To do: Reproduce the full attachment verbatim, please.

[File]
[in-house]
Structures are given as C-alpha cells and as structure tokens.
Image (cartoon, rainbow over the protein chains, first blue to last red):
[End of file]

[in-house]
Structures are given as C-alpha cells and as structure tokens.
Image (cartoon, rainbow over the protein chains, first blue to last red):